2002 -- January is a new beginning for families as the schools reopen and a
new school year begins. For Christmas, many people smooth fresh cow dung over
the floor to provide a new, hard surface. Our askari (watchman) explained to
us how his wife was doing this to their house for Christmas, making it ready
for the holidays. She was also making a new facing on the outside walls with
red mud. Some families paint the new wall surface with green bananas, making
intricate patterns that show white against the red colour of the earth. A
Friday afternoon task for many children in schools in this area is to repair
the floor with cow dung, leaving it to dry over the weekend. So the floors
were made new, and children flocked back to school, hopefully with fees in
hand. Many classes are thinly populated for the first two weeks as children
are "chased" home to find at least a part of the fees for the first
In November, the children in the last year of primary school (roughly grade 8) wrote National examinations. At least, those who could find the school fees and the registration fee did the exams in five subjects. There is a complex reporting scheme where marks, grades, points (so many for every mark on the grade scale) and class position all play a part. The results are posted at the elementary schools and children are "called" first to a National Secondary school, the most prestigious and expensive. These schools take the top candidates and the newspaper reports on the highest scoring students in each part of the country. Then the Provincial schools get their pick, followed by the District schools. It is estimated that less than half of those sitting the exams will be called to a school (not enough places) and of those, many will not be able to afford the fees.
On December 31, girls began arriving at out gate with their exam marks. We set up a reception and interviewing process for those with the highest marks and position. We interviewed 176 anxious girls, from which we have selected 60. It wasn’t easy listening to the stories of the death of parents, the grandmothers who do hard digging to pay school fees, the fathers who have lost jobs or been injured in accidents, the siblings who have dropped out school for lack of fees after a few years and are jobless, without hope. Two of the girls we picked have had to work as maids, or house girls, to pay their primary school fees. Some girls wept at the prospect of not going to school and being married off. A few girls are orphans and have no family whatsoever and came to us entirely on their own. Some fathers just want to find a husband for their girl so they can buy cattle with the bride price, and an anxious mother brought the daughters. Other families have sold their land or their last cow so the daughter can finish primary school and now have nothing left. Women work long hours in the fields and sell vegetables to survive and feed their children, although several girls spoke of teachers providing them with their one meal a day at school. Remember that four tomatoes cost 20¢ (Canadian) and calculate how much is needed to pay C$400 for a year’s school fees and uniform. We talked to grandmothers who have no English, to primary teachers who have paid fees for their star pupils and cannot continue into secondary. We listened to brothers for whom the clever sister is the only hope for the family to continue, since the rest of the family is illiterate.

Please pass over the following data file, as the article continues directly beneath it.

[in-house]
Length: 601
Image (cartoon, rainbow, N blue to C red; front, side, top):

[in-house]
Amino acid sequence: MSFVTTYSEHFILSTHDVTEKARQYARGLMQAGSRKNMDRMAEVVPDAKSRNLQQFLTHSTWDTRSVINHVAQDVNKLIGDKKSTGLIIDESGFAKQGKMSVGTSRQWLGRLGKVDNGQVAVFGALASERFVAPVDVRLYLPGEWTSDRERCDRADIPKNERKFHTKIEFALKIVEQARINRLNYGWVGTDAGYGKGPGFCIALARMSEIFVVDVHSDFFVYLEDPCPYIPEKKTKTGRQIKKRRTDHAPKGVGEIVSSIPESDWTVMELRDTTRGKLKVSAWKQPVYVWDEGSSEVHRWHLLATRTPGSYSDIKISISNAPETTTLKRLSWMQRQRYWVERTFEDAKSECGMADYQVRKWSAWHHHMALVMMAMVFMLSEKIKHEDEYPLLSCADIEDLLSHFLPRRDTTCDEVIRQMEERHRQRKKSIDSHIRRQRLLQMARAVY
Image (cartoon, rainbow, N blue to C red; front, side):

After two weeks of interviewing and making notes at the rate of 20-23 applicants a day, we had to call a halt. We have the uncomfortable feeling of playing God with people’s lives, but we do the best we can as fairly and as objectively as possible. We have made our choices, hopefully taking the brightest and the most needy (a very relative term) and are now trying to contact students and schools. Those going to the first year of secondary school have to report at the end of the first week of February. No one has a phone and those in the schools often don’t work. One very good, well-kept school has had no phone connection for six months. To contact them we send our askari in a matatu. A letter can take three weeks to one of the surrounding villages. So we are aware that some of our chosen candidates may never receive the news. In the best of cases, we may process the majority of fees and uniforms by the end of the month.
My colleague and I are both educators and feel the needs here very deeply. Most of the girls we talked to were a delight, with a lovely sense of humour and the optimistic faith of the young and devout. They value education, want to serve first their families and then their country. Most spoke of helping others and "doing something to help children like me." Our sadness and guilt over the bright girls to whom we have had to say no, at least for this year, are somewhat compensated by the joy of those who do get scholarships. We had a dozen or so places for girls already in secondary school and have had the pleasure of giving the good news to most of them, since they began school earlier this month. Today, three girls came by to see if we had selected for Form1 and were told the good news. Their eyes grow wide and round as we prepare their fee sheets, give them the chit for uniform and let them borrow textbooks. Kenya needs strong, determined young women like these.
©2002 Patricia Crossley